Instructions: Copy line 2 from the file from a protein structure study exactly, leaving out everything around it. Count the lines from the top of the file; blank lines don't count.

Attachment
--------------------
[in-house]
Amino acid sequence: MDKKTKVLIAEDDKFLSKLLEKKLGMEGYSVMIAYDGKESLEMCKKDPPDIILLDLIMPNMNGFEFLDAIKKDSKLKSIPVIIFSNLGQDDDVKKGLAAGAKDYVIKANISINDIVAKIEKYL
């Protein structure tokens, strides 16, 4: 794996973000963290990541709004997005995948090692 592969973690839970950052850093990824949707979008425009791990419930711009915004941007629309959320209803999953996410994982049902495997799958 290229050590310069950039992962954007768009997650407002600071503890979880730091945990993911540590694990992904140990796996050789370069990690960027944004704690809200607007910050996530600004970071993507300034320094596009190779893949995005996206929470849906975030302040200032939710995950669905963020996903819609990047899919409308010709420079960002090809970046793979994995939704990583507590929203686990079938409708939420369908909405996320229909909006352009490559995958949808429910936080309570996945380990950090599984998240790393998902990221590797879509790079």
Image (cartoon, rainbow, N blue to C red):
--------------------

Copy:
Amino acid sequence: MDKKTKVLIAEDDKFLSKLLEKKLGMEGYSVMIAYDGKESLEMCKKDPPDIILLDLIMPNMNGFEFLDAIKKDSKLKSIPVIIFSNLGQDDDVKKGLAAGAKDYVIKANISINDIVAKIEKYL